SADOW: More Rigor Is Needed In Louisiana’s Teacher Evaluations

As the state continues to review accountability measures for teachers and schools, new data out last week confirms that greater, not reduced, objectivity in measurements shows the way forward to genuine improvement in Louisiana’s delivery of elementary and secondary education.

COMPASS scores came out for schools and teachers, allowing for comparisons of changes from last year in evaluations of these and to other data indicating student progress, as measured by performance on standardized tests. These data, comparing teachers to students, showed that teacher performance rose at a faster rate than did student achievement (and administrators’ performances even more in many cases), and in comparing teachers to schools, that higher performing schools on the basis of student scores that used more objective data in assessments of teachers tended to grade theirs more harshly.

The explanation was that, because of transitioning to new curricula statewide, districts were given latitude to increase the input of subjective measures. Higher-rated teachers were more prevalent at schools that used more subjective measuring, even as student performance at these schools tended to be lower. This lead state superintendent John White to call for schools to increase standards and rigor in teacher evaluation, noting the inverse relationship between teacher scoring and student growth.

Naturally, such remarks were seen by some of those who want to deny this reality as raining on parades. Louisiana Federation of Teachers President Steve Monaghan said the suggestion that effectiveness ratings got boosted out of laxness in rigor shocked him and to him denigrated the achievement of those who, by this year’s metric, had improved – demonstrating again the attitude that for decades led Louisiana to perform education abysmally that only now by confronting it are things becoming better.

Understand that teacher unions never have had improving quality of education as a primary goal, because it interferes with their actual primary goal of transferring as much taxpayer money as possible to as many teachers as possible with their members doing the least amount of effort. Accountability measures interfere with that because it turns individual teachers’ minds towards their own individual performance, not the collective’s, and it encourages replacing poor performers with structures that discourage union participation, such as educating through charter schools.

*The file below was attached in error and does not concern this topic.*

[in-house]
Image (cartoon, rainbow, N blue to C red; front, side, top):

But this also reflects the embracing of mediocrity that infiltrated public schooling in the 1960s and lasted through the 20th century, where it became as important to boost students’ self-esteems as whether they learned. Levelling to bring up the bottom performers even when their actual learning did not merit it had the effect of placing less emphasis on higher achievement, discouraging its pursuit and in the process providing a soft bigotry of low expectations regarding the bottom achievers. It also had the impact of making teaching less demanding and thereby easier, and thus cheapened the value of rewards to both students and teachers.

So White absolutely was correct to call this out. Good intentions achieve nothing; it’s results that count, particularly when a child’s entire future is at risk. Subjectivity and human nature as they are, out of empathy evaluators most often are going to go easier on their subjects when given the chance. There’s no insult to acknowledge that the risk of this needs to be minimized in order to get the desired results.

Which is what needs to be kept in mind as the state continues to investigate its teacher evaluation methods, as a special panel currently is doing with an aim to report back to the Legislature for next session.As previously noted, improvement of the current evaluative method of half-subjective, half-objective (even if this year more subjective methods were allowed greater prominence for the objective half) should take the direction of increasing the objective proportion, even if not necessarily by increasing the value added component. These data only provide more confirmation of the necessity of such an approach, contrary to the wishes of unions, their ideologue allies, and fellow travelers, if Louisiana education is going to continue pulling itself out of a mighty hole.

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